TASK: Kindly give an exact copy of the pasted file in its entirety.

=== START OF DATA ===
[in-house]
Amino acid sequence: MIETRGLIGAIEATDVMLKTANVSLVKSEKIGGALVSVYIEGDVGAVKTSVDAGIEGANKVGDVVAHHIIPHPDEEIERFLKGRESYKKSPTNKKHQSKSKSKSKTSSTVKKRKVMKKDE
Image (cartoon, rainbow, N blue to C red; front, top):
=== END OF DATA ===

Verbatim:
[in-house]
Amino acid sequence: MIETRGLIGAIEATDVMLKTANVSLVKSEKIGGALVSVYIEGDVGAVKTSVDAGIEGANKVGDVVAHHIIPHPDEEIERFLKGRESYKKSPTNKKHQSKSKSKSKTSSTVKKRKVMKKDE
Image (cartoon, rainbow, N blue to C red; front, top):